At the same time, global progress has been slower where irrigation, rainwater harvesting and investment in freshwater ecosystem services are concerned.
These are among the findings of a United Nations survey of over 130 national governments on efforts to improve the sustainable management of water resources.
The survey focuses on progress towards the implementation of internationally-agreed approaches to the management and use of water, known as Integrated Water Resources Management (IWRM).
Backed by UN Member States at the 1992 Rio Earth Summit as part of an overall action plan on sustainable development (known as Agenda 21), IWRM is a way forward for efficient, equitable and sustainable development and management of the world's limited water resources.
Amid increasing and conflicting demands on the world's water supply, IWRM integrates domestic, agricultural, industrial and environmental needs into water planning, rather than considering each demand in isolation.
The latest survey is intended to inform decision-making at the Rio+20 Conference in June 2012. Twenty years after the Earth Summit, world governments will once again convene in Rio de Janeiro to take decisions on how to ensure sustainable development for the 21st century.
The survey, which was co-ordinated by the UN Environment Programme (UNEP) on behalf of UN-Water (the UN inter-agency co-ordination mechanism for freshwater issues), asked governments for their feedback on governance, infrastructure, financing, and other areas relating to water management, to gauge how successful countries have been in moving towards IWRM.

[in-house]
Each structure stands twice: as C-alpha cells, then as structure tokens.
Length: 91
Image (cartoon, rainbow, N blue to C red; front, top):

Overall, 90 per cent of countries surveyed reported a range of positive impacts from integrated approaches to water management, following national reforms.
Other key findings include:
Water-related risks and the competition for water resources are perceived by a majority of countries to have increased over the past 20 years;
Domestic water supply is ranked by most countries as the highest priority for water resources management;
The majority of countries reported an increasing trend in financing for water resources development, although obstacles to implementing reforms remain;
Progress on water efficiency is lagging behind other water management reforms, with less than 50 per cent of national reforms addressing water efficiency.
"The sustainable management and use of water - due to its vital role in food security, energy or supporting valuable ecosystem services - underpins the transition to a low-carbon, resource efficient green economy," said UN Under-Secretary-General and UNEP Executive Director Achim Steiner.
"As well as highlighting challenges, this new survey also shows important successes regarding integrated water resources management, where a more sustainable approach to water has resulted in tangible benefits for communities and the environment. At Rio+20, governments will have the opportunity to build on these innovations and chart the way forward for sustainable development, where the water needs of a global population set to rise to 9 billion by 2050, can be met in an equitable way," added Mr. Steiner.
The UN survey shows the major environmental changes that have taken place between 1992, when IWRM was firstly widely backed by governments, and today - and how water resources are managed in the face of such challenges.
The world population, for example, increased from 5.3 billion in 1992 to just over 7 billion today, with impacts being felt most strongly in developing countries. This has been accompanied by increased rural-to-urban migration and high refugee movements due to climatic and socio-political disasters.
For the complete article, please see UNEP.